Stanmer Park and Madagascan reforestation project benefit from parking payments

Work has begun to plant 500 young trees in Stanmer Park as part of the Restoration Project, with half of the saplings funded by parking the city.

Councillor Amy Heley, chair of the council’s environment committee, is pictured planting one of the first trees, marking the final phase of landscaping work.

Half of the trees, a mix of specimens and sizes, have been funded by the Stanmer Park Restoration Project - the remaining 250 trees from contactless parking payments made in Brighton & Hove as part of parking payment provider PayByPhone’s ‘Green Christmas’ campaign.

‘Green Christmas’ is run in partnership with Eden Restoration Projects, a not-for-profit scheme which works with communities in developing countries suffering from extreme poverty resulting from deforestation.

In addition to the Stanmer trees, 4,400 more will be donated to a not-for-profit organisation providing essential supplies such as food and medicines in the Madagascan rainforest.

The council is already part of PayByPhone’s carbon footprint reduction initiative Meters for Trees.

Hundreds of trees planted

Councillor Heley said: “It’s wonderful to see hundreds of young trees being planted in Stanmer Park as the Restoration Project enters its exciting final construction stages and we welcome the contribution from PaybyPhone’s ‘Green Christmas’ campaign."

Commenting on the Madagascan project, Councillor Heley added: “I’m delighted that so many trees will be donated by PayByPhone on our behalf to such a worthy project.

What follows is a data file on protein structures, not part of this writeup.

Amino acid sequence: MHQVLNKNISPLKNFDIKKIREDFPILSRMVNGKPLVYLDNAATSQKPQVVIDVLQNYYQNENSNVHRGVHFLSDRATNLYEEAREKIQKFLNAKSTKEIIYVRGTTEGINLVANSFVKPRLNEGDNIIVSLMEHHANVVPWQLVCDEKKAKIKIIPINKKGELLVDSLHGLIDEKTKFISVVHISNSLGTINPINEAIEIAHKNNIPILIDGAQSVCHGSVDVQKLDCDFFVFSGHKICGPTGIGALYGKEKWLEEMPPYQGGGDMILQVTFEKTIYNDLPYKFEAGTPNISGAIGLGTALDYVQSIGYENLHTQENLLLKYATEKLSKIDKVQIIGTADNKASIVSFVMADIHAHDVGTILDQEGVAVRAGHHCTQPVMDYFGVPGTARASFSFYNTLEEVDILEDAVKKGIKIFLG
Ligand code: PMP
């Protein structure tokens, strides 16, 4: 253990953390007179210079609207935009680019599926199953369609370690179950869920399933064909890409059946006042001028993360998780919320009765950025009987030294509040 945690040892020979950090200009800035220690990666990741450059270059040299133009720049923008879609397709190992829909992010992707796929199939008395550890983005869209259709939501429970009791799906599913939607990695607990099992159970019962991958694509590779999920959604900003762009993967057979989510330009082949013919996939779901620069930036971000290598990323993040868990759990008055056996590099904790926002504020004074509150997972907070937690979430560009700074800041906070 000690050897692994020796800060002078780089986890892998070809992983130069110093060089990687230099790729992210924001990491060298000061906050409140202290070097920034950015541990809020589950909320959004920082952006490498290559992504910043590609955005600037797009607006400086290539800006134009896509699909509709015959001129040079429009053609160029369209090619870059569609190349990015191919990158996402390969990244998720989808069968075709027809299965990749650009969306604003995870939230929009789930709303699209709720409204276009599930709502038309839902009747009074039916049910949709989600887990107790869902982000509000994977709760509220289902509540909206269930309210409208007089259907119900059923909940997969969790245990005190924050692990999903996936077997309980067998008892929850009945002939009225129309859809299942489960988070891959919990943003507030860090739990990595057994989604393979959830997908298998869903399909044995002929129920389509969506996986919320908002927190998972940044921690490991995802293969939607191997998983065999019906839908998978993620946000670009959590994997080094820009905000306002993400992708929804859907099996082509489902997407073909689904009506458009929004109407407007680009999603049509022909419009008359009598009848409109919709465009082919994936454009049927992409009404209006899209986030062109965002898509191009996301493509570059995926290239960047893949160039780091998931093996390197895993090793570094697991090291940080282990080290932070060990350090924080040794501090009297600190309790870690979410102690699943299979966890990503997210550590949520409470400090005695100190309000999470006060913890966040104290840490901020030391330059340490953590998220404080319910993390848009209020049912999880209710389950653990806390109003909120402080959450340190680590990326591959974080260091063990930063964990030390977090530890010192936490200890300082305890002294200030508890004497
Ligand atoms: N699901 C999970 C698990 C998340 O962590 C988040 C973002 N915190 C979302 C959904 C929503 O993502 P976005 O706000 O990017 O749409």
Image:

“Deforestation is a global problem that affects us all, but especially in those communities where rainforests provide so much.

“It’s positive to see that residents and visitors can contribute to such a great cause, simply by making contactless parking payments.”

Rebecca Maisey, Head of Client Management for PayByPhone UK, said: “The environment and the communities in which we work are exceptionally important to us, which is why we have decided to base our Green Christmas calculations on the month with our highest transaction figure this year – October.

“And because Brighton & Hove City Council is part of our multi-award-winning carbon footprint reduction initiative Meters for Trees, we are doubling that figure to make an even bigger impact. We aren’t going to let the pandemic impact the good we try to do at this time of year.”

She added that the council and other local authorities have helped donate more than 41,000 trees during the 2020 Green Christmas campaign,

Stanmer Park Restoration Project

The £5.1 million Stanmer Park Restoration Project covers 20 hectares of the city’s largest park, focussing on the Walled Garden and surrounding area and restoring the 18th Century landscape, parkland and historical features, including the entrance. Work started in 2019.

Over the next couple of months, the main landscape elements of the Stanmer Project will be finishing, with tree planting across different areas of the site.

The project is being funded by the National Lottery Heritage Fund and the National Lottery Heritage Fund BIG Lottery ‘Parks for People’ scheme as well as Brighton & Hove City Council, Plumpton College and the South Downs National Park Authority.

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